Like many species the domesticated pig still retain some elements of seasonality in its breeding cycle but 2 distinct patterns can be discerned which can reduce fertility leading to lost production, uneven farrowing patterns and disruption to the overall management of the commercial unit.
Successful service represents the start of the production cycle of the pig farm and is thus key to production; any disruption to it has a cascading effect throughout the farm.
Firstly problems may occur in early to mid summer (June-August) as a result of high temperatures. Whilst outdoor herds and those in southern sheltered areas may be more vulnerable, temperatures in buildings of over 30ºC are not uncommon sporadically throughout the UK. This appears to have several potentially damaging effects:-
1) Reluctance of boars to work (reduction in libido).
2) Deterioration of semen qualityor volume of semen produce from boars.
3) Deterioration of AI semen in transit.
4) Heat stress damage to sows especially in the period 7-21 days post service, causing irregular returns to service.
5) Reduced appetite in lactating sows affecting subsequent oestrous onset and ovulation rates.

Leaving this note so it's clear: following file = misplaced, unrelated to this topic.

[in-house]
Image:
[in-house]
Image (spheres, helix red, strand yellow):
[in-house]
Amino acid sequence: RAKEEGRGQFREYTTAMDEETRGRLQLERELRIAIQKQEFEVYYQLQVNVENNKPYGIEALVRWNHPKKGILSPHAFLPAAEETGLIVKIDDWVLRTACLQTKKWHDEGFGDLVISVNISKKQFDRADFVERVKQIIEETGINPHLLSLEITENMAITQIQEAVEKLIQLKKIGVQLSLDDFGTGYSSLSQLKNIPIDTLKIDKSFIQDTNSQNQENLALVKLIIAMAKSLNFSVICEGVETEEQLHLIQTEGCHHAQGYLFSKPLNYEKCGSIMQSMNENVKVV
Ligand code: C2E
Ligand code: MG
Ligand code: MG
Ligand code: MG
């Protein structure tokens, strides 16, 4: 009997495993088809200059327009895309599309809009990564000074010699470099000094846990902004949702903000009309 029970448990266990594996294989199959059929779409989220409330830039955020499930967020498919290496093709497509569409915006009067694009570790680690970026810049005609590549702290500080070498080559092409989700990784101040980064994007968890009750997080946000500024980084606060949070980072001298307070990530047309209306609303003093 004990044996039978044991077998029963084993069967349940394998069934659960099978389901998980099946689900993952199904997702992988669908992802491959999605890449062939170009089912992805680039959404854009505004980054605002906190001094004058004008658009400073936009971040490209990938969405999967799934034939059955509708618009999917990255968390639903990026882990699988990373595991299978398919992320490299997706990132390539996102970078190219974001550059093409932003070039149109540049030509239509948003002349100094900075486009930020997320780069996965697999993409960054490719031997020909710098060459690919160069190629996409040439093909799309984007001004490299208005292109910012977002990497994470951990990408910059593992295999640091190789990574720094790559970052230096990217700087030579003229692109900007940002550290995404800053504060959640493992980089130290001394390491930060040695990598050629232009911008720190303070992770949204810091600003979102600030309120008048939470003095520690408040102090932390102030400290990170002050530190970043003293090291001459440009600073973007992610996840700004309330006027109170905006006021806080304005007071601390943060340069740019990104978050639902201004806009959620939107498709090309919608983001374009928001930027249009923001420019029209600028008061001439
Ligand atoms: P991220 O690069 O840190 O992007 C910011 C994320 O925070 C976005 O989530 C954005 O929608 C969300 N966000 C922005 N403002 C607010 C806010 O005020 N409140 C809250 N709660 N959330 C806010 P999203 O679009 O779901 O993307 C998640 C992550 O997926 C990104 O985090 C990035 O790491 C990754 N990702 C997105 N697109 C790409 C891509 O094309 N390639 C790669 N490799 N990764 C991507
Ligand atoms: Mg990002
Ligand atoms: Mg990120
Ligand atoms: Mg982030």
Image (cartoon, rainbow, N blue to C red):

6) In extreme cases heat stress can kill or cause abortions - especially in the heavily pregnant sow.
Where such temperatures are expected dampening floors or even the outside roof can cool buildings but adequate insulation and ventilation will go a long way to offset high air temperatures. Plenty of cold drinking water should also be available and where appropriate, wallowing areas can help. However, with outdoor sows, wallows in farrowing pens should be avoided as they encourage litter desertion. It may also be appropriate to reduce the amount of bedding material to increase heat dissipation.
Secondly, each year, some farms suffer from a drop in fertility levels in later summer/early autumn, which appears to be unrelated to either infectious disease or husbandry factors. This is usually termed autumn or seasonal infertility but can almost run on from summer (hot weather) infertility. It represents a biological reaction to changing climatic conditions through the year and is thus more of a natural consequence for the pig than adverse reactions to heat.
The key features of autumn infertility are:-
1) Young breeding animals and particularly gilts are more likely to be affected than older sows.
2) It can present as a delay in onset of oestrous, complete failure to cycle or an in increase in returns to service - usually at regular 3 week intervals. Abortion in later pregnancy is not uncommon.
3) In a typical year, the problem starts in mid September and runs through to late October - specifically sows and gilts served at this time.
4) In years where a poor summer has been experienced the effect may occur 2-3 weeks earlier than usual and will tend to be more widespread.
5) Some farms are particularly vulnerable, seeing some evidence every year, whilst others may only see the effect every few years or never.
A number of factors have been proposed that may trigger the problem.